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1.8 million oz maiden Ore Reserve discovered at Gramalote project

Published by , Assistant Editor
Global Mining Review,

AngloGold Ashanti Ltd (AGA) has released the results for its maiden Ore Reserve at the Gramalote project in Colombia. The project is located on the eastern flank of the Cordillera Central near the towns of Providencia and San Jose del Nus in the municipality of San Roque, in the north-west of the Antioquia Department. The Ore Reserve was reported to consist of 63.7 million t @ 0.86 g/t gold comprising contained metal content of 1.8 million oz, on an attributable basis. The Gramalote project is a Joint Venture (JV) between AGA (51% and manager) and B2Gold (49%).

Gramalote is an intrusive-hosted structurally controlled stockwork gold and silver deposit. According to AngloGold Ashanti, mineralisation is controlled by north-east/south-west trending shear zones and north-northwest to south-southeast trending shear extensional zones affecting the tonalites and granodiorites of the Antioquia Batholith.

“We are developing this as a good long-term option in our pipeline, and will be working hard to optimise all of its key elements – including capital – during the feasibility study phase,” said AngloGold Ashanti’s Chief Operating Officer-International, Ludwig Eybers. “While we are a long way from committing any capital to this project, it represents good value that we will realise over time.”

The project aims to provide opportunities of alternative livelihood to the area once it is developed as planned. Drilling commenced in 2006. In 2010, AGA became the operator and manager of the project with a 51% share. Sufficient work was completed to enable a pre- feasibility study to be completed in late 2013. This study was then updated to reflect the growth of the Mineral Resource, significant mineral processing opportunities identified by the project team and ongoing capital and operating cost optimisation. The enhanced pre-feasibility study was completed in September 2017 and board has conditionally approved its progression to a full feasibility study.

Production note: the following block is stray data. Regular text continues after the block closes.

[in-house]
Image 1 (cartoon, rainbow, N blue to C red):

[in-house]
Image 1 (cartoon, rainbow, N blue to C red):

“This project is technically robust and the metallurgy is particularly impressive in its amenability to processing.” Eybers said. “The project is in line with our approach of developing projects at cost-effective levels with attractive payback periods for better margins.”

Mining will be conducted via open pits, starting in the high-grade portion of the main Gramalote Pit and progressing through a series of cut-backs in Gramalote and in the two satellite pits, Trinidad and Monjas West. Total rock movement rises close to 60 million tpa in the second year of operation, and remains at that level until the ninth year, before declining rapidly. The total material moved is expected to include material rehandled from the stockpiles.

The project concluded that a SAG-Ball mill circuit along with flotation and leaching is expected to provide the best economics. The Gramalote ore will be treated using a simple circuit and is expected to perform well metallurgically, as summarised below:

  • The sulfide and oxide ores will be treated through separate grinding and flotation circuits, optimising operational performance.
  • The plant nameplate feed rate will be 11 million tpa of sulfide ore and 4 million tpa of oxide. After oxide ore is depleted in year 9 of production, 15 million tpa of sulfide ore will be fed.
  • The process for both ores will involve floating the gold into a low-mass concentrate which is leached, while the benign flotation tails are placed in a tailings management facility (TMF).
  • The sulfide ore is expected to achieve close to 95% overall gold recovery with a very coarse grind size, minimising costs.
  • Recovery from the oxide ore is anticipated to be lower at close to 82%, but the process is still expected to be more profitable than a whole ore leach process.

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